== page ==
Euler’s formula is the reason we can do this. Euler’s formula is both simple and powerful and it comes up over and over again in electrical engineering. It relates the sine and cosine functions to both the imaginary number j (or i, if you’re not dealing with electrical engineering) and the constant e. It looks like this:

Looks like the way we did rectangular coordinates, right? That’s exactly what it is.

We don’t normally write polar notation with the exponential, but that’s just what it is. When we write the polar expression A /_ φ, it’s just a shorthand for Ae^(jφ). Knowing this, you can see why the translation between polar and rectangular coordinates makes sense:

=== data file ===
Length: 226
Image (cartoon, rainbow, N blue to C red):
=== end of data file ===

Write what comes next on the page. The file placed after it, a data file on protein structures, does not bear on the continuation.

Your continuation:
Euler’s formula will come up again for us numerous times. There’s other stuff you can do with it, but for now just keep in the back of your mind that sines, cosines, and exponentials are related and that you can switch back and forth between them at will.


april 2nd, 2016 // there’s a new Starbucks on campus and it’s my new favourite place! I spent some time with my bullet journal today listing all the topics I need to study for my final exams and making a study plan. four weeks until I’m done!! I also went bouldering and had a meeting for a group project so I’d say today has been pretty productive ✌🏻